Your law firm marketing plan may seem complete with your website, a blog or two, your LinkedIn profile, and business cards to hand out, but holy hoopla, Batman, why limit yourself to the outdated tools of mere mortals? Law firm directories are the supertools many lawyers pass by as unimportant, but nothing could be further from the truth.
Unlike print directories, which sit on a shelf until someone opens them, a digital lawyer directory is a dynamic and multifaceted means of reaching potential clients—even while “on the shelf.” Like Marvel Universe’s Multiple Man, listings in the right online legal directories can simultaneously advertise your firm, inform potential clients what you can do for them, and—believe it or not—boost your website’s online visibility even while waiting to be viewed. Sound too good to be true? Not at all! It’s the evolution of the yellow pages—a directory with superpowers.
What Law Firm Directories Can Do for Your Firm
Many remember the Yellow Pages, a printed business directory that sat on a shelf or in a drawer until needed. It was an alphabetized list that consumers could turn to when they needed a particular service or product.
Today’s online directories are more than just another list; they’re interactive partners in your marketing efforts. Your listing in one or more quality online legal directories can help deliver leads and referrals, lend credibility to your firm’s website and other digital presences, and, most significantly, increase your firm’s online visibility and its appeal to the Internet’s gatekeepers, the search engines.
The key to successful partnering with online legal directories is learning how to choose among the law firm directories available, identify the listing strategies that will best serve your firm, and create an impactful directory listing. With the right legal directory as your sidekick, your marketing efforts will be up, up, and away!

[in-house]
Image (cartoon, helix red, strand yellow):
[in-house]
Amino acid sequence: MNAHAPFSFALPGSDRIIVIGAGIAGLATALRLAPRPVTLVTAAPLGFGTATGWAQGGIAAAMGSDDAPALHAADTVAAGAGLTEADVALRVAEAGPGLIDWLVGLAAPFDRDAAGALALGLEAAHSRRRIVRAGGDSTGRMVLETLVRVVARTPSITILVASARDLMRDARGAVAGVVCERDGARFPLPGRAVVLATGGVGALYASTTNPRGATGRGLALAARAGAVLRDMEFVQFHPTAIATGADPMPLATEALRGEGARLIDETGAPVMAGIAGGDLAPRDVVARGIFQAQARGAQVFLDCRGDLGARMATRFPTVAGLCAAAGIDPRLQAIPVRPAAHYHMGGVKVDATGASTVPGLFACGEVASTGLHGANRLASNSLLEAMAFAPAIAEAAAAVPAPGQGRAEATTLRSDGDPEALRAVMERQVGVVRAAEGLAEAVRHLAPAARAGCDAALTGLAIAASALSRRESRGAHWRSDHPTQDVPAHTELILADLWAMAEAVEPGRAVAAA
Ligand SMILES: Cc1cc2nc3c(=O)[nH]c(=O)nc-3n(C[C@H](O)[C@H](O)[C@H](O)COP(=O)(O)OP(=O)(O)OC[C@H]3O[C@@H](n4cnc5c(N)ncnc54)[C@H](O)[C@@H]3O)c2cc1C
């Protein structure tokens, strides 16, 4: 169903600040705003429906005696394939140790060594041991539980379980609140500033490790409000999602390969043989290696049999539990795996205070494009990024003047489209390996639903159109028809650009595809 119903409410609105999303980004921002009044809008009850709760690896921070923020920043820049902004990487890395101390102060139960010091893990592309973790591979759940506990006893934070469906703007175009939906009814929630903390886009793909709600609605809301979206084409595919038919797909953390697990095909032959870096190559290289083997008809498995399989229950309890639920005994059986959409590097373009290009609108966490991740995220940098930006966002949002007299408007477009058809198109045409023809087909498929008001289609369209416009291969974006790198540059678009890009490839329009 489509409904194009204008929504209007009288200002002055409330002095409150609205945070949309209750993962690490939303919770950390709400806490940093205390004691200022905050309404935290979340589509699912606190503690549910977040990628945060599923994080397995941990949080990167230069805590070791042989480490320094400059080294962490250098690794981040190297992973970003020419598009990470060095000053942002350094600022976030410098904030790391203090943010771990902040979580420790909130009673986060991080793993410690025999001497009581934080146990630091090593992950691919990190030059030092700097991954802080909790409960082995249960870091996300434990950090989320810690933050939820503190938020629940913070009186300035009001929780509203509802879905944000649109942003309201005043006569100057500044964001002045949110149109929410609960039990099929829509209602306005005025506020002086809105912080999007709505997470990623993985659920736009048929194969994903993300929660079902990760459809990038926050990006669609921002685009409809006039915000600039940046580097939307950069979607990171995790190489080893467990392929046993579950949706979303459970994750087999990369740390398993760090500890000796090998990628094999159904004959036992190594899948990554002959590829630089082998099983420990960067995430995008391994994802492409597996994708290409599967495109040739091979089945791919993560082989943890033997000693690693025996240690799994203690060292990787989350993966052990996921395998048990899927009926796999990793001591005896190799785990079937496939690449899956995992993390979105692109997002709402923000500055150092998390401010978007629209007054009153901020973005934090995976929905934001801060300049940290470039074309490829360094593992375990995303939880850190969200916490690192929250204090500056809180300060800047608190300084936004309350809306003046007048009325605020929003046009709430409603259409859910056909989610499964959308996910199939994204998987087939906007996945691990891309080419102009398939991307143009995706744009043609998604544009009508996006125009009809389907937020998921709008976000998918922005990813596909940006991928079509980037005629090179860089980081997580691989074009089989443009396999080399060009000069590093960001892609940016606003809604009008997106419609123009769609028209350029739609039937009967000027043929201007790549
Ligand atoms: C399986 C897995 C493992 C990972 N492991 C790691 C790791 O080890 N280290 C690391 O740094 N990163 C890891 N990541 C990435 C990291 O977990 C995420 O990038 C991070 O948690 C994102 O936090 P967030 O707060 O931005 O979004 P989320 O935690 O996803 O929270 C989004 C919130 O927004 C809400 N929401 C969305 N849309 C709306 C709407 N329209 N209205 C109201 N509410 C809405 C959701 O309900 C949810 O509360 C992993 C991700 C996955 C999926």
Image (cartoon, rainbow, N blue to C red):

But First, How Search Engines Affect Your Online Visibility
Before diving into directories, you should understand the universe they live in. Directories on the Internet are much more than a digital representation of physical counterparts. Google search results don’t pop up randomly—they’re curated by the search engine. With the size of the Internet ever expanding, having a digital presence that puts you in front of potential clients and referral sources is critical. That’s where search engine optimization (SEO) comes in.
A superpower of the digital domain, SEO can boost your online visibility by making your law firm’s website more visible and contributing to its credibility by association with (links from) reputable sites (like reputable law firm directories). Search engines use factors like these to determine whether your firm’s website is relevant to legal search queries. By understanding how search engines rank websites and law firm SEO techniques you can use to be favorably viewed and ranked by these gatekeepers, you’ll be seen by more potential clients and referral sources. The rest is up to you.
Why Online Law Firm Directories Matter
Most people think of directories as a listing resource, but few realize how big a role the Internet plays in client searches. Indeed, studies show that 96 percent of people searching for a lawyer use a search engine.
Not all of your potential clients are direct contacts—don’t forget about referrals. Internet research plays an important role in referrals, too. For example, how does an out-of-state attorney or in-house counsel find local counsel? More than three-quarters of in-house counsel use legal directories to locate and research referrals.
Effective use of online directory listings can be a critical avenue for reaching potential clients, but only if you can track how they’re serving you. That’s where law firm SEO efforts come in again. You can use your free Google Analytics account to track which directory listings are the sources of referral traffic to your firm’s website. With this feedback, you’ll know which directory listings are working for you and can drop the others.
How to Choose the Right Lawyer Directories for Your Listing